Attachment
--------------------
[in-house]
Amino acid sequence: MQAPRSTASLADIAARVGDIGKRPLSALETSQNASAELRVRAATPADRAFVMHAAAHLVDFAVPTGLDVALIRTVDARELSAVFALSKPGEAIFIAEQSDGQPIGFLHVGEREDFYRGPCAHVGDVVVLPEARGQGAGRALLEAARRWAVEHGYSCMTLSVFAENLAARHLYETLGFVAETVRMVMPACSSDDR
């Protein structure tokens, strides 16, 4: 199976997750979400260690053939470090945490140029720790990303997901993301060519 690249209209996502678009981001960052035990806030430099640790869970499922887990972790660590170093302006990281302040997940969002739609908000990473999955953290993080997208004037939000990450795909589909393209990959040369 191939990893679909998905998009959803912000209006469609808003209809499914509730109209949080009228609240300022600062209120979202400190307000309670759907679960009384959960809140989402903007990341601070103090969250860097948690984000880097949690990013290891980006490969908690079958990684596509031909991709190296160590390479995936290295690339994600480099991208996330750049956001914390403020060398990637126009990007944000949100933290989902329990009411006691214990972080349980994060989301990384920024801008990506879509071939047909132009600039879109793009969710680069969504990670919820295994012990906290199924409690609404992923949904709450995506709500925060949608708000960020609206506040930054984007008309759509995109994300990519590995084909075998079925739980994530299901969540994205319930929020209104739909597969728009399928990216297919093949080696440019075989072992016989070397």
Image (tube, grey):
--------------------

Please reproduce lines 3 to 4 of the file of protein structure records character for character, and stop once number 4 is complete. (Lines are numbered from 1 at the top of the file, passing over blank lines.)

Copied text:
């Protein structure tokens, strides 16, 4: 199976997750979400260690053939470090945490140029720790990303997901993301060519 690249209209996502678009981001960052035990806030430099640790869970499922887990972790660590170093302006990281302040997940969002739609908000990473999955953290993080997208004037939000990450795909589909393209990959040369 191939990893679909998905998009959803912000209006469609808003209809499914509730109209949080009228609240300022600062209120979202400190307000309670759907679960009384959960809140989402903007990341601070103090969250860097948690984000880097949690990013290891980006490969908690079958990684596509031909991709190296160590390479995936290295690339994600480099991208996330750049956001914390403020060398990637126009990007944000949100933290989902329990009411006691214990972080349980994060989301990384920024801008990506879509071939047909132009600039879109793009969710680069969504990670919820295994012990906290199924409690609404992923949904709450995506709500925060949608708000960020609206506040930054984007008309759509995109994300990519590995084909075998079925739980994530299901969540994205319930929020209104739909597969728009399928990216297919093949080696440019075989072992016989070397």
Image (tube, grey):